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Arthritis and diet

Summary

There is no scientific evidence that a special diet will cure any form of arthritis, or that specific foods have an effect on your arthritis, except in the case of gout. However some conditions may be helped by dietary changes.

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No special diet or ‘miracle food’ can cure arthritis, but some conditions may be helped by avoiding or including certain foods or supplements. Arthritis is a general term describing over 100 different conditions that cause pain, stiffness and (often) inflammation in one or more joints. Everyone with arthritis can benefit from eating a healthy, well-balanced diet to maintain general good health.

Some conditions may be helped by dietary changes. For example, people with inflammatory conditions such as rheumatoid arthritis seem to benefit from an increased intake of omega-3 fats, found in oily fish such as sardines and salmon, while gout sufferers may benefit from avoiding foods high in purines, including offal, shellfish and beer and drinking plenty of water.

Always seek the advice of your doctor or dietitian before changing your diet. You may be restricting your food intake unnecessarily or taking too much of products (such as mineral supplements) that may have no impact on your condition at all. Some supplements can also interact with other medications.

Dietary recommendations for arthritis


General dietary recommendations for a person with arthritis include:
  • Eat a well-balanced diet. This will help to maintain general good health, and a healthy weight.
  • Avoid crash dieting or fasting.
  • Increase dietary calcium to reduce the risk of osteoporosis in later life.
  • Drink plenty of non-alcoholic fluids.
  • Keep your weight within the normal range. Excess bodyweight increases the stress on joints, especially weight-bearing joints such as the knee and hips.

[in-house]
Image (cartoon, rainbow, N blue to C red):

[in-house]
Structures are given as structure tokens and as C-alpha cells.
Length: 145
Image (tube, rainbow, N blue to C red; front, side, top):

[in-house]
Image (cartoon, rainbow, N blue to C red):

Dietary modification for gout


Uric acid is a waste product that is normally excreted from the body in urine. Gout is a type of arthritis characterised by the build-up of uric acid in the joints (such as the big toe), which causes inflammation and pain.

It is believed that lowering uric acid levels through small changes in your diet may help reduce the chance of future gout attacks. These changes include:
  • Restrict or avoid alcohol.
  • Avoid binge drinking.
  • Restrict or avoid offal meats, such as liver, kidneys and brains.
  • Restrict or avoid shellfish, such as prawns and scallops.
  • Restrict or avoid some seafoods including sardines, herrings, mackerel and anchovies.
  • Restrict or avoid products containing yeast, such as beer and Vegemite.
  • Drink plenty of non-alcoholic fluids.
  • Avoid fasting or ‘crash’dieting
  • Make sure you don’t overeat on a regular basis.
  • Take your time when eating.

Omega-3 fats and inflammation


Foods that contain omega-3 fats have been found to help reduce the inflammation associated with some forms of arthritis, such as rheumatoid arthritis. These effects are modest compared with medications, however they do not have side effects, and may also have other health benefits, such as reduced heart disease.

Foods rich in omega-3 fats include:
  • Fish – oily fish such as salmon and sardines, have greater amounts of omega-3 fats
  • Linseeds and linseed (flaxseed) oil
  • Canola (rapeseed) oil
  • Walnuts
  • Foods fortified with omega-3, such as margarines and eggs
  • Some fish oil supplements.
It is important not to confuse fish oils with fish liver oils (such as cod liver oil and halibut liver oil). Fish liver oils also contain vitamin A. Large amounts of vitamin A can cause serious side effects. Ask your doctor before taking any supplements, to ensure the correct dosage.

Other supplements for arthritis


The supplements glucosamine and chondroitin are popular – yet evidence about their success in treating arthritis is limited.